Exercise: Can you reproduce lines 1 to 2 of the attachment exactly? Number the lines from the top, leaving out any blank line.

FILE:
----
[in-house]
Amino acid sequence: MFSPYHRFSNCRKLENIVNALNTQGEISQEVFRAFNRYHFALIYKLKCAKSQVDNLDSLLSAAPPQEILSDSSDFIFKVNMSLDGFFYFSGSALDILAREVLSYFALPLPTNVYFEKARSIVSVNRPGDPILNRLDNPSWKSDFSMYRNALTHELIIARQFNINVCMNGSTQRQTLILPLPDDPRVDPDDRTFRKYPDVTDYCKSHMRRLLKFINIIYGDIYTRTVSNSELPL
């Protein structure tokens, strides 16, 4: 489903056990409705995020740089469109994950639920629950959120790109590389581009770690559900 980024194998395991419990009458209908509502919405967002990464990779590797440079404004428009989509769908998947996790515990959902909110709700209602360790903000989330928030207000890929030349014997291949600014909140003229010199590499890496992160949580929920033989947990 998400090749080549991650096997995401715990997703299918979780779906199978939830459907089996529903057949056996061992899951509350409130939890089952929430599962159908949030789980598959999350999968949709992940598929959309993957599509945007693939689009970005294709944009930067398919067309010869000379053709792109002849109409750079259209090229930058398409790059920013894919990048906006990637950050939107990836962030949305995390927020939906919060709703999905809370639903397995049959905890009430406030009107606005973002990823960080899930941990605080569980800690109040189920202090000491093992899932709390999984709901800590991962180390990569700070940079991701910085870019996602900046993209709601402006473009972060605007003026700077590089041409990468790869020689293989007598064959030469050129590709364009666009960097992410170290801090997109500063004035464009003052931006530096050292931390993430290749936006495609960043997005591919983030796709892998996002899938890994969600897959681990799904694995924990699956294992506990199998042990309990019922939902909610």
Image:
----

[in-house]
Amino acid sequence: MFSPYHRFSNCRKLENIVNALNTQGEISQEVFRAFNRYHFALIYKLKCAKSQVDNLDSLLSAAPPQEILSDSSDFIFKVNMSLDGFFYFSGSALDILAREVLSYFALPLPTNVYFEKARSIVSVNRPGDPILNRLDNPSWKSDFSMYRNALTHELIIARQFNINVCMNGSTQRQTLILPLPDDPRVDPDDRTFRKYPDVTDYCKSHMRRLLKFINIIYGDIYTRTVSNSELPL